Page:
Application of Machine Learning Algorithms For Localized Syringe Services Program Policy Implementation – Florida, 2017

Author: Tyler Bartholomew Hansel Tookes Emma Spencer Daniel Feaster

Theme: Epidemiology & Public Health Research Year: 2022

People who inject drugs (PWID) are at an amplified vulnerability for experiencing a multitude of
harms related to their substance use, including viral (e.g. HIV, HCV) and bacterial infections (e.g.
endocarditis). Implementation of evidence-based interventions, such as syringe services programs
(SSP), remains imperative, particularly in locations at an increased risk of HIV outbreaks. This study
aims to identify communities in Florida that are high-priority locations for SSP implementation by
examining state-level data related to the substance use and overdose crises.
State-level surveillance data were aggregated at the ZIP Code Tabulation Area (ZCTA) for 2017. We
used confirmed cases of acute HCV infection as a proxy of injection drug use. Least Absolute
Selection and Shrinkage Operator (LASSO) regression was used to develop a machine learning
model to identify significant indicators of acute HCV infection and high-priority areas for SSP
implementation due to their increased vulnerability to an HIV outbreak.
The final model retained three variables of importance: 1) the number of drug-associated skin and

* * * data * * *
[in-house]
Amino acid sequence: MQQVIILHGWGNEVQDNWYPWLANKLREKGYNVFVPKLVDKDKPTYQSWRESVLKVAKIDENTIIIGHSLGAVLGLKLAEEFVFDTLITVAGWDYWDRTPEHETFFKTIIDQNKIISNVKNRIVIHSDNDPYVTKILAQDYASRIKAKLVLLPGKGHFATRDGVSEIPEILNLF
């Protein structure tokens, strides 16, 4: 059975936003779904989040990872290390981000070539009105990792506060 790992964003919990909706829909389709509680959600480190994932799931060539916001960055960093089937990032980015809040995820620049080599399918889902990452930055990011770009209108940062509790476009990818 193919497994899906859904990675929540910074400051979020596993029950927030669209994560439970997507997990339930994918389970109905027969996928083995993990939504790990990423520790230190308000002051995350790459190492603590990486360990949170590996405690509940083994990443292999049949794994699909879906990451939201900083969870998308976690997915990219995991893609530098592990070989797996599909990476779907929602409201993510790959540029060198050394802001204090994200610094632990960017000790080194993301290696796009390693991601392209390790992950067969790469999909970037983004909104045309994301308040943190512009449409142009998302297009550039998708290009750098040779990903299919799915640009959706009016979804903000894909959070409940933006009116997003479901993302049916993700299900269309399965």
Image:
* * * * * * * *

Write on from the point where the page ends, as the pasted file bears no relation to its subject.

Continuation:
soft tissue infection hospitalizations, 2) the number of chronic HCV infections in people aged 18-39,
and 3) the number of drug-associated endocarditis hospitalizations. High-priority SSP
implementation locations were identified in both urban and rural communities outside of current
Ending the HIV Epidemic counties.
SSPs are long researched, safe, and effective evidence-based programs that offer a variety of
services that reduce disease transmission and assist with combating the overdose crisis.
Opportunities to increase services in much needed regions across the state now exist in Florida as
supported by the expansion of the Infectious Disease Elimination Act of 2019. This study provides
details where potential areas of concern may be and highlights regions where future evidence-based
harm reduction programs, such as SSPs, would be useful to reduce opioid overdoses and disease
transmission among PWID.
Disclosure of Interest Statement:
No disclosures.

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